With what was called “Operation Warp Speed,” the Trump administration worked together with various companies to develop vaccines that were still in the testing process in order to shorten production and distribution times if they finally worked.

Moncef Slaoui, who led the operation, claimed the credit for the previous Trump administration.

“90% of what is happening now is the plan that we made,” Slaoui claimed on television recently.

“We achieved 100 million doses of the vaccine and the options in the contracts to purchase more once they were effective.”

But the United States does not stop there and authorization for vaccines from AstraZeneca y Novavax. If cleared, more vaccines would be available and the rate of vaccination would increase.

Also, available vaccines are not licensed for children under 16 years of age, but Pfizer has already shown promising results in a vaccine for children.

2. The Biden effect

Although the Democratic leader took advantage in part of what the Trump administration did, he put mass vaccination of the country as the main goal on his agenda.

The idea was to stop the cases and deaths as quickly as possible, and thus be able to reactivate the economy.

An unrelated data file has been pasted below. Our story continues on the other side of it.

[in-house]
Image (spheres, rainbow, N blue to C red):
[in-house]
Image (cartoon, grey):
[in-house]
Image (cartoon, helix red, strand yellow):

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This Tuesday, the Biden government announced that the country had already put 150 million vaccines in its first 75 days in office. Its initial goal had been 100 million in 100 days, now revised upwards to 200 million, a number that could also be exceeded if this rate is maintained or accelerated.

According to CDC data, as of Monday, April 5, 107.5 million people havebían received at least one dose, including 62.4 million with the one-time injection from Johnson & Johnson and the two from Pfizer-BioNTech or Moderna.

By January 26, when Biden had been in office for just six days, 20 million people had received the first dose and 3.5 million the second, according to CDC data.

In early March, Biden achieved a political triumph by announcing the agreement between Johnson&Johnson y su rival Merck, the second largest vaccine producer in the world to now make its opponent’s vaccine after failing to have its own vial.

Johnson & Johnson’s $ 1 billion contract originally negotiated last year by the Trump administration said the firm would supply enough doses for 87 million Americans by the end of May, which together with the other two vaccines would mean by then that there would be vaccines for all the adults in the country.

But Johnson & Johnson fell short of expectations, prompting the White House to intervene. Hence the agreement with Merck, which will therefore receive government funding.

“This is the kind of collaboration between companies that we saw in World War II,” Biden compared.

The government began working with Johnson & Johnson by providing the company with a team of experts to monitor production and logistical support from the Department of Defense.